By Clint Thompson
Unless you’ve been asleep for the last two months, you know how wet it has been across the Southeast. Persistent rains have been the story for farmers across the region, especially in north Alabama.
Fortunately, the wet weather has slowed in recent days, according to Eric Schavey, Regional Extension agent in Northeast Alabama.
“Rain’s kind of backed off on us now, and we’re glad. We needed sunshine, especially some of my tomato growers,” Schavey said. “We’ve got great looking tomatoes on the vine; green, glossy, pretty, just not getting ripe. I think the lack of sunshine is one of those (factors) that’s really hurting us now. Also, applications for our insecticides and fungicides are very limited because everything is wet.”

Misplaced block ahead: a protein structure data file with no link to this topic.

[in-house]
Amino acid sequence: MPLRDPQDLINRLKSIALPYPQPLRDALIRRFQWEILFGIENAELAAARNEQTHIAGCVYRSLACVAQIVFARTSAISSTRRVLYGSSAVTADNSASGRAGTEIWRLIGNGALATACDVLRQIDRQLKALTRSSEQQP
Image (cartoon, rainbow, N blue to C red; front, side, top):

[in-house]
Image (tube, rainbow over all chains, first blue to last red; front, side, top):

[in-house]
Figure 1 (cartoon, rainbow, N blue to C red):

Schavey said rainfall has already exceeded amounts for the year, and it’s just the end of July. One positive appears to be the impact the wet weather has had on insect pressure.
“We had a flight of fall armyworms earlier around a month ago, but I think all of these frequent rains have taken care of them. Our turf guys are glad for that,” Schavey said. “We’re seeing some fungus. We’re seeing some diseases pop up. We’ve just got saturated soils right now.”